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question about immigration and customs enforcement (ICE)

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posted on Oct, 20 2007 @ 06:50 PM
First, let me start by saying I am new to this website and do not know where this topic belongs, so if it is in the wrong section, could a mod please let me know....thanks

Anyway, in one of my law classes on Friday, we had a guest speaker from Immigration and Customs Enforcement (ICE). He had the normal presentation consisting of a powerpoint, video, lecture, etc. However, there was one thing that caught my attention. When he was talking about arrests, he mentioned that ICE is the only government agency that does not require a warrent for searches and arrests. My question, is how can they get away with that. Doesnt the constitution directly state that one is protected from unwarrented searches and seizures? So what the ICE agent was saying is that the constitution doesnt apply to us anymore? Awesome.

Also, he said that that applies to all U.S. citizens, not just illegal immigrants. So theoretically, an ICE agent could just waltz on into my house, take my computer, and arrest me without a reason or a warrant.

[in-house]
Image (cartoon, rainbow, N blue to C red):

Gotta love the us.

Does anyone know how this is legal or why it has not been mentioned before?



posted on Oct, 22 2007 @ 10:13 PM
No one has any ideas to how this unconstitutional idea is legal?

posted on Oct, 23 2007 @ 05:06 PM
My CCJS courses kind of glossed over aspects of immigration law, but it's my understanding that ICE doesn't need a warrant if they have reason to believe somebody's immigration status isn't kosher.

They can detain even citizens they suspect are involved in human trafficking or whom they come across while investigating someone's immigration status - say, for example, you're hanging out at your friend's place and he isn't supposed to be here, they can detain you also if they show up.

Remember that immigration law is technically civil law, and that ICE is part of the executive branch of government, not the judiciary. Same with immigration courts - not part of the judiciary. Immigration law can be confusing, but even if you're a legal resident you're a guest here - just visiting - and the constitution does not apply to you, immigration law does until you become a citizen.

There's been lots of controversy over the agency's powers, though, I can assure you of that.

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